Online education networks in France are suffering from the strains of an abrupt switch to distance learning this week. In addition to the stresses on a network one might expect, the systems are also believed to have been targeted by hackers. Prosecutors are investigating, the Washington Post reports.
The attacks by Chinese operators on vulnerable Microsoft Exchange Server instances appear, the Wall Street Journal says, to have been long under preparation. In particular, investigators are leaning toward a theory that holds Hafnium’s operation was prepared by mining “troves of personal information acquired beforehand.” That would explain the surprising speed with which the compromise progressed. It also revives concerns about the effects of past Chinese collection of personal data in such breaches as those at the US Office of Personnel Management, Marriott, and Equifax.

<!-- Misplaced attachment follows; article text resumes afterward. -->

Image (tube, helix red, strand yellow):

The Times of India reports that General Bipin Rawat, Chief of India’s Defence Staff, said yesterday that the country was working to counter the cyber threat from China, and that India was itself developing offensive capabilities in response to that threat.
According to Breaking Defense, US NSA Executive Director Noble says the public-private consortium developing standards for 5G security intends to emphasize the importance of zero trust.
Atlantic Media, currently a minority shareholder in the Atlantic (and formerly its corporate owner) has detected unauthorized access to servers that hold employee records.
Emissions testing in several US states remains spottily available due to a cyberattack, Boston 25 News reports. Testing stations now hope to be back up Monday.